December 17, 2015 — The Federal Aviation Administration has issued new obstruction marking and lighting rules for towers, which reduce the need for high-intensity lights in some cases and clarify the applications of flashing L-810s. The rules, known as Advisory Circular 70/7460-1L, replaced AC70/7460-1K.
Previously, high-intensity lights had to be deployed above 500 feet on a tower, or the structure had to be painted. With the release of this circular, medium-intensity white and medium-intensity dual obstruction lights are now authorized on towers up to and including 700 feet above ground level (AGL). Cort Walker, Drake Lighting director business development, told AGL Link that the rule change mostly affects broadcasters, which operate tall towers.
“Because of the expense of a high-intensity lighting systems, many broadcasters have traditionally opted to paint their towers,” Walker said. “Sales to broadcasters of medium-intensity lighting systems should increase, because they are considerably less expensive.”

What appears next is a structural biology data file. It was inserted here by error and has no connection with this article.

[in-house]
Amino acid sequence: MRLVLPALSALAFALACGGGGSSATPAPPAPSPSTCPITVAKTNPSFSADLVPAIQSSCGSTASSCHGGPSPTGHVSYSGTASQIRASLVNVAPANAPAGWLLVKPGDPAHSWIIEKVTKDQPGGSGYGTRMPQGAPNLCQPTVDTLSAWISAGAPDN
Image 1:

When medium-intensity flashing white lighting systems are operated during daytime and twilight on structures 700 feet AGL or less, other methods of marking may be omitted, the circular said.
For structures exceeding 151 feet but not more than 350 feet, the circular prescribes that two or more flashing L-810 lights should be mounted outside at diagonally opposite positions of intermediate levels. These lights should flash simultaneously with the L-864 flashing light on the top of the structure at a rate of 30 flashes per minute.
“Studies have shown that steady burning lights attract birds, so they are requiring flashing marker lights,” Walker said.
Triple-beacon systems will no longer be required to have marker lights, which will save money for tower owners, he added. However, the flashing L-810 lighting recommendation has a delayed effective date until September 15, 2016.
The circular states that if an object larger than 7/8-inch in diameter, such as a lightning rod, blocks a beacon, the beacon must either be moved above the object or a second beacon must be added. Drake Lighting anticipates increased need for two-beacon systems in 2016.
Additionally, the circular warns that obstruction lights should not become blocked or “nested” as new antennas, hardware or appurtenances are added to the top of a structure. If new equipment is added that blocks the obstruction light’s visibility, the light fixture must be relocated so that it is not blocked by the new equipment.
For a copy of the circular, go to